I was occupied by the story after watching the film when I was probably the same age as Susanna Kaysen when she was confined to the McLean Hospital. I didn’t know either, at the time, that Sylvia Plath was one of the prominent figures who stay shortly in the same institute. After so many years I realized that I am always fascinated by this kind of stories because I was one; a revelation made after eventually reading the book.
But each one of us, Susanna, Sylvia, Lisa, Daisy, Georgiana, is dealing with a unique situation that only belong to that intimate self, as such, though there are sentences and observations that strike me hardly, the story is actually foreign to me, and it makes the book witty, obscure at some passage, funny, sadden, and intriguing at the same time. 
This is not the reality that Sylvia tried to tell us by poetry, not the dark drama something like Joker would demonstrate, not the incredibly deep reflection by Virginia, but a POV from someone who was, by her own words, interrupted.

Bodily Emotion

I may not have that a strong intuition to how my body express my emotions since dance is still a relatively new phenomenon to me; this body has been painting for more than thirty years, but moves according to score for only about a year. Express not in the sense of facial expression, but of the complete scheme of movements of my entire body. I’ve originally supposed that movements evoke emotion, or, at least allow certain emotions to emerge, if it, the subject matter even if it is not identifiable, do exist, but I’ve since adjusted my concept, recognizing that it may not always be the movement that “triggers” the emotion, but the emotion chooses the movement, or, at least, certain movements allow certain emotions to be released. They are so fleeting and so not constrained by logos that it is hard to differentiate the cause apart from the result, they arise spontaneously without reasoning thus are difficult to define.

Speed

Speed is in my experience not the most provocative quality regarding expressing emotions, it can randomly link to joy and ecstasy, which would be considered positive emotions, or madness and anger, which conventionally would be negative emotions. And a sudden abruption of movement can in a way demonstrate confusion or doubt; at least for me.  But I don’t see it directly suggests specific emotions, it seems that it actually requires other subtle characters, maybe even context, to determine what exact emotion is realizing. That being said, it can hardly be sad when we are moving fast, although we have this sort of collective memories of a specific image that people running away while crying, it doesn’t seem to be the way I experience sadness or grievance. It must be slow; the hearse slowly passes the town, that’s our perception, so when I grieve, I move slowly, as if I need that much time to process the pain. Or maybe in a sense, it’s the pain that slows us down, that we are not capable of moving fast. But is it really that we are dragged by the pain, or rumination, or we are simply taking our time to collect ourselves, when we are processing anything overwhelming, or that this perception is so heavily engraved in our body language that we conform to the reign of steadiness? I do not know.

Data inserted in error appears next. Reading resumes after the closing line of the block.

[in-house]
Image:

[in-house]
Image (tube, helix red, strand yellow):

Giving up control

I recognise the fact that I’m exploring more about grieve and anything regarding atrocity, simply because we see joyfulness and festive emotions all over the place; we know it very well; we experience it without hesitation. They are visible, we don’t hide these emotions that often.

Also, this is maybe not very much about anger, as it is the most instinctive emotion, maybe the most ancient one, that it reacts so fast and is so demonstrative that we don’t need to look at it directly to recognise it. It is there when you hear that pounding, the erupted ones, it is madness. 

But pain can be invisible, maybe fear too. It is not the invisibility that makes them so different, it’s the intention to cover those emotions makes it so crucial, as our body desires an outlet for those emotions. In a sense, to let go of something.

And I am still not certain what to let go of? Is it to let go of the emotion itself, to let go of the obsession, to let go of the desire to do something, to let go of the pain, but how to let the pain go?